With 150 museums, 3 opera houses and 7 symphony orchestras, Berlin – the German capital and a vibrant metropolis of 3.5 million people – has always been a nerve centre of European culture. What’s new is Berlin’s status as a world city, as famous for its street art, food trucks, riverside beach bars and zoos as for its tumultuous history.
There's no better place to learn about this history than the Story of Berlin (www.story-of-berlin.de), a visually stunning interactive exhibition on the famed Kurfürstendamm avenue which is thought-provoking for visitors of all ages. Haus am Checkpoint Charlie (www.mauermuseum.de) focuses on the significance of the dramatic fall of the Berlin Wall in 1989, which signalled the collapse of the Soviet Union and the reunification of East and West Berlin. For even more sober reflections of Berlin's history, visit the free Topographie des Terrors (www.topographie.de) exhibition centre, opened in 2010 on the site of the former Gestapo headquarters.
See Berlin from above at the Panoramapunkt (www.panoramapunkt.de), a 100m-high perch with a small café. Kids of all ages will enjoy Loxx (www.loxx-berlin.de), the world’s largest digitally-controlled model railway, complete with astonishingly miniature landscapes. More trains, as well as planes, buses and automobiles (including Communist-era Trabants) are on show at the excellent Deutsches Technikmuseum (www.sdtb.de).
Berlin is a treasure trove of art, antiques and accessories, so you’ll likely go home with a unique item. Start the hunt at Mauerpark Markt (www.mauerparkmarkt.de), a Sunday flea market attended by 30,000 people. If you’re chasing funky garments and accessories, try East Berlin Store (www.eastberlinstore.com) in the fashionable part of Mitte. Reward yourself with oysters and champagne at the food court of the KaDeWe department store (www.kadewe.de).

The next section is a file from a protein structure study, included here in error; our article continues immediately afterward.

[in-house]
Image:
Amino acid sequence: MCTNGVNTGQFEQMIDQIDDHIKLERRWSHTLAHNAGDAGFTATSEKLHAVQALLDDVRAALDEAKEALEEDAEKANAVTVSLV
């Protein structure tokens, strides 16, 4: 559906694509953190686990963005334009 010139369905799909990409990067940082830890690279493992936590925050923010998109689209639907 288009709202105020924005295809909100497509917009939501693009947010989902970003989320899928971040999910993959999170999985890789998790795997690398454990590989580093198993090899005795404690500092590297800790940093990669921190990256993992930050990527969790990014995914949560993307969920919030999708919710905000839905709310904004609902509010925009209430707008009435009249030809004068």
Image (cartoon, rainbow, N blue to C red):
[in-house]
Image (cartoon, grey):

Rub shoulders with Berlin's celebrities at Restaurant Borchardt (www.borchardt-restaurant.de) on Gendarmenmarkt, a 150-year-old restaurant which fuses tradition and cosmopolitanism in cuisine, décor and atmosphere. Café Einstein (www.einsteinudl.com) puts a smart twist on the European coffee house tradition, with a restaurant so often frequented by politicians that it's known as the "politicians' living room". Want to treat yourself? Then dress up smart and book a table at Fischers Fritz (www.fischersfritzberlin.com), the only restaurant in Berlin with two Michelin stars.
Berlin’s nightlife has a reputation for no-holds-barred craziness, but in truth there’s something here for everyone. Tier (Weserstraße 42), for example, is a relatively laidback bar in Neukoelln’s new nightlife zone – perfect for a quiet cocktail. Weekend (www.week-end-berlin.de), a rooftop club with great views over Alexanderplatz, books top DJs to entertain its crowds of relaxed ravers. At Berghain (www.berghain.de), Berlin’s top techno club, parties that begin Friday night often end Monday morning.
Berlin's annual events are as eclectic as everything else in the city. Runners should aim to be around in September, when the Berlin Marathon (www.bmw-berlin-marathon.com) takes place. October sees the Festival of Lights (www.festival-of-lights.de), when dozens of monuments act as backdrops for dazzling light shows. Berlin Decembers are chilly – but drink enough mulled wine at the 60 or so Christmas markets that spring up around the city and you’ll soon warm up.